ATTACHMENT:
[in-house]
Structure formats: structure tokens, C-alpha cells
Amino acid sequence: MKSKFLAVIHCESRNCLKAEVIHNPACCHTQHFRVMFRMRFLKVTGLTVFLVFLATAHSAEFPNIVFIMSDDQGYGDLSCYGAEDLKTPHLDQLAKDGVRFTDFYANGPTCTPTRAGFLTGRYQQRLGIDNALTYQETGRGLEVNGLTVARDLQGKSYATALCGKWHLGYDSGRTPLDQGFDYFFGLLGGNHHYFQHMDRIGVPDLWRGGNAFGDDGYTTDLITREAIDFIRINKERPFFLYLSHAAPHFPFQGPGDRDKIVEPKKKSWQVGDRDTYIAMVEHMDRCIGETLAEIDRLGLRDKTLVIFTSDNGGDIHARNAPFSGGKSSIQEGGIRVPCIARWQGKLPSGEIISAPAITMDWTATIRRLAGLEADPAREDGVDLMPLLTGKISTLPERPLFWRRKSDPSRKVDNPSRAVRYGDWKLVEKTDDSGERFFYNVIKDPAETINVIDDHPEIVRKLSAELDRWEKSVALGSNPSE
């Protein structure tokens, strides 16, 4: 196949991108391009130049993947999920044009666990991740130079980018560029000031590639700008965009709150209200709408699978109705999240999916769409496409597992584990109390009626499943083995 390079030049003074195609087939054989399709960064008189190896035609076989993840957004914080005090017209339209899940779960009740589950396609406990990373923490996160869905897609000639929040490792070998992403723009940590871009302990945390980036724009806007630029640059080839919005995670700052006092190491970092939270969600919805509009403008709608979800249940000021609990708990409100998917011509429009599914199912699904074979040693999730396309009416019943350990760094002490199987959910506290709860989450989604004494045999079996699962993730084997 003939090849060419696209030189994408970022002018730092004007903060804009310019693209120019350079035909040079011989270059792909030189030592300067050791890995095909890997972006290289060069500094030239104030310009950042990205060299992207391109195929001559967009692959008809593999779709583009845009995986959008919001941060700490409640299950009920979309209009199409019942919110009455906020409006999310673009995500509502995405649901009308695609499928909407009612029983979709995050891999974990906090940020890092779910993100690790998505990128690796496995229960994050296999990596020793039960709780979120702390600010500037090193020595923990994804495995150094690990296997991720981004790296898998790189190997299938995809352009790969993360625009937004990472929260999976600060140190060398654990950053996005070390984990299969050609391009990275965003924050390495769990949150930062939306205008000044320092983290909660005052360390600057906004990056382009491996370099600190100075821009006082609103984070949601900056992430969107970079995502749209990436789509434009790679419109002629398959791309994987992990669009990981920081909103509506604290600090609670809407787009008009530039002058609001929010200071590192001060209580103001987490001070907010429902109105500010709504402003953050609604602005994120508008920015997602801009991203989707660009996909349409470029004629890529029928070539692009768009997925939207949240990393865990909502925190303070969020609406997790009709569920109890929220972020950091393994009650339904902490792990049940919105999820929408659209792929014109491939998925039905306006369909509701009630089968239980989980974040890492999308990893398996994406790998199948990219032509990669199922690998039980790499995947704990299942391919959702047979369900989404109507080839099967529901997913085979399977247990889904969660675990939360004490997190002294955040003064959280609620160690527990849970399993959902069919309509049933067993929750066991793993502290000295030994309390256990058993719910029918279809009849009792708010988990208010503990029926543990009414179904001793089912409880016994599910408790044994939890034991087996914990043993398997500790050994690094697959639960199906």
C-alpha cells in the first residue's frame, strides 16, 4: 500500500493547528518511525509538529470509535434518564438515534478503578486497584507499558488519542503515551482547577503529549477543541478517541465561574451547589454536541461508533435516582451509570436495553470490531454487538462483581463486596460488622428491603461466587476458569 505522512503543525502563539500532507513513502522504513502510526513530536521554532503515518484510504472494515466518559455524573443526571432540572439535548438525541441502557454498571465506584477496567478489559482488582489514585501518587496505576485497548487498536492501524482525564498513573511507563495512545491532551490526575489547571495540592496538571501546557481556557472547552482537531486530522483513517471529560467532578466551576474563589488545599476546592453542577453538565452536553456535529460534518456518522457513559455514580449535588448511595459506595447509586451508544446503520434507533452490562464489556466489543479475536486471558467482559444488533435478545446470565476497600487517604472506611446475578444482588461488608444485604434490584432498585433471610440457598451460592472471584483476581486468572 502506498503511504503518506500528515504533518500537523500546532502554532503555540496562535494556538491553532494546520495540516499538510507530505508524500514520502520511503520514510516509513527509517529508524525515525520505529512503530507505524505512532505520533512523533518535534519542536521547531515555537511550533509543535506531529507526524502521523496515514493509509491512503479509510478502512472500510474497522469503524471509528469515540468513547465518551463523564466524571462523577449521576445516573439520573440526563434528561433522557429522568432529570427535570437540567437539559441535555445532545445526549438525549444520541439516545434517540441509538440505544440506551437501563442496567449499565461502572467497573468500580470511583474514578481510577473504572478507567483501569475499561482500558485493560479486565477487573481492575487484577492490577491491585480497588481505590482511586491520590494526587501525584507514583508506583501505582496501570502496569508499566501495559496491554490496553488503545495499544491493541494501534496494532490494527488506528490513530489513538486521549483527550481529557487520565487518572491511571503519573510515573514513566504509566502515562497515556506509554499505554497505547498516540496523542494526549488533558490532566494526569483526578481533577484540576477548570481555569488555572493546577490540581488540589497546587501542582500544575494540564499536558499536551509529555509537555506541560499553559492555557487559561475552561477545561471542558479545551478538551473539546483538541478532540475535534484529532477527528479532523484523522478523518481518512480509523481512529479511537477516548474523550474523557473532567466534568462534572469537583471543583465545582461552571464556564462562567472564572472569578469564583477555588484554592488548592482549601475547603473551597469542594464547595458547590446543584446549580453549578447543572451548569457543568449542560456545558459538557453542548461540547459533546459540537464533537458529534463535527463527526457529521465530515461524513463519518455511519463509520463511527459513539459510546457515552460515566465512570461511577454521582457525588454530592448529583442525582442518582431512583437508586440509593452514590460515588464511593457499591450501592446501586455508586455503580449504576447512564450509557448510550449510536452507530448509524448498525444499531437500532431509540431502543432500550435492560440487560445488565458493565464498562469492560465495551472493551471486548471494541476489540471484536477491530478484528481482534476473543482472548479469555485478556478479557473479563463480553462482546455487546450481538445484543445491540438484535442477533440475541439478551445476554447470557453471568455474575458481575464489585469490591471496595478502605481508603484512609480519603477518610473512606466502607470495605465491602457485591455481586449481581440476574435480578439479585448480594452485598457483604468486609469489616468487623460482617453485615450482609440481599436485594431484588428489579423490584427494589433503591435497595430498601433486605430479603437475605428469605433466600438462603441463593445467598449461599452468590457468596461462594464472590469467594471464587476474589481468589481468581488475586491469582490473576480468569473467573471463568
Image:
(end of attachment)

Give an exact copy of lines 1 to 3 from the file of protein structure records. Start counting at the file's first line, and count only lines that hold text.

[in-house]
Structure formats: structure tokens, C-alpha cells
Amino acid sequence: MKSKFLAVIHCESRNCLKAEVIHNPACCHTQHFRVMFRMRFLKVTGLTVFLVFLATAHSAEFPNIVFIMSDDQGYGDLSCYGAEDLKTPHLDQLAKDGVRFTDFYANGPTCTPTRAGFLTGRYQQRLGIDNALTYQETGRGLEVNGLTVARDLQGKSYATALCGKWHLGYDSGRTPLDQGFDYFFGLLGGNHHYFQHMDRIGVPDLWRGGNAFGDDGYTTDLITREAIDFIRINKERPFFLYLSHAAPHFPFQGPGDRDKIVEPKKKSWQVGDRDTYIAMVEHMDRCIGETLAEIDRLGLRDKTLVIFTSDNGGDIHARNAPFSGGKSSIQEGGIRVPCIARWQGKLPSGEIISAPAITMDWTATIRRLAGLEADPAREDGVDLMPLLTGKISTLPERPLFWRRKSDPSRKVDNPSRAVRYGDWKLVEKTDDSGERFFYNVIKDPAETINVIDDHPEIVRKLSAELDRWEKSVALGSNPSE